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Sailing close to the wind. Did Kayak's ad deserve to be banned?

Published

by Magnus Shaw.

 

Perhaps surprisingly, I've only ever worked on a couple of campaigns which have attracted public complaints. One was a press piece for a now defunct cable TV network. At the time, it was the only service carrying the Disney Channel and we used the word 'Disney' in some of the headlines. This upset the Mouse's keen-eyed lawyers and the ads were pulled.

The second was a magazine campaign for a leading supermarket's home furnishings line. We arranged some products to resemble the SAS's 'dagger' emblem, adding the strapline 'Who dares ...' and prompting a furious letter from a handful of special forces veterans.

As I recall, everything was settled amicably in both cases and neither incident was referred to a higher authority. But elsewhere in the industry this does happen - as Kayak has just discovered.

Kayak is a travel price-comparison site. Earlier this year it launched a new TV spot which eschewed footage of exotic sunsets and glorious beaches in favour of a brain surgery theme. Yes, you read that correctly, brain surgery.


As the ad opens, we see a rather manic, bearded surgeon poking around in the cranium of a seated patient. However, rather than working on any ailment, he is manipulating the sedated man's movements to force him to operate a laptop and search for holidays. The doc complains he is so busy, this is the only way he can find a trip. His nurse, somewhat unnecessarily, tells him this is 'completely unethical'. The surgeon responds by making the patient swing at the nurse before high-fiving him.

This display was enough to generate over 400 complaints to the Advertising Standards Authority (ASA). Most accused the advertisement of distressing anyone facing a neurological procedure and the ASA agreed saying:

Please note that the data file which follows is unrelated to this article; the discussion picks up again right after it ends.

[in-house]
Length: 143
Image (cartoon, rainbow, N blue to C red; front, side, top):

"We considered the ad was likely to cause distress without justifiable reason and serious offence to some viewers and therefore concluded it breached the [advertising] code."

Naturally, Kayak countered asserting the ad was "so obviously a parody that it was not offensive" and reaction had been "overwhelmingly positive".
Obviously Kayak failed to qualify this 'overwhelming' response (and 400 complaints could be said to be overwhelmingly negative). Either way, their defence was fruitless, as the ad has now been forcibly withdrawn. So, is this an overreaction that's actually unfair to Kayak and their sense of humour? Or has the ASA moved to protect the unwell and their families from avoidable upset.

The first thing to note is the ASA has no remit to judge advertisements on their 'funniness'. Whether the spot was hilarious or not is beside the point. The advertising code merely demands advertisements do not cause undue and unreasonable distress. Of course, this is utterly subjective. You are perfectly entitled to complain to the Authority that you find Barry Scott and his Cillit Bang marketing distressing. They would be unlikely to act on the one complaint, but even if there were hundreds, it would still come down to the judgement of a human being as to whether the petition had merit. Censorship is not an exact science.

There is also little mileage in moaning to the ASA about the creative quality of a campaign. As far as the Authority is concerned, terrible advertising is completely valid provided it does not upset, offend or mislead. And this brings us back to the Kayak work.

When I first saw the ad, I found it neither amusing or distressing. If anything, I was slightly perplexed. The whole concept struck me as being little more than a weak student sketch - so leftfield and wilfully 'whacky', it was hard to fathom how it could possibly be persuasive. As someone who is often found rummaging around the internet for travel deals, I am presumably, part of Kayak's target audience. Nevertheless, I can say with certainty I am no more likely to use their site than I was before witnessing the advertisement. It's possible I am simply too straight, old and boring to appreciate the ad's frivolity but I think it's far more likely it was simply a poor advertisement. The proposition was reasonably clear - Kayak is a handy site if you need to travel and don't have much spare time - but the execution was so utterly daft and ultimately confusing, the selling point was lost. Offensive or not, my diagnosis is one of straightforward bad advertising.

Gratuitous bad taste is always a risky strategy for a campaign, and it's inconceivable the client and agency didn't understand they were playing with fire. Whether the ad deserved to be pulled or not depends on one's closeness to the worrying reality of brain surgery. That said, if it made one seriously ill person feel even slightly more anxious, it's probably best it has now been removed from our screens.


Watch Kayak's banned commercial


Magnus Shaw is a writer, blogger and consultant.
www.magnusshaw.co.uk

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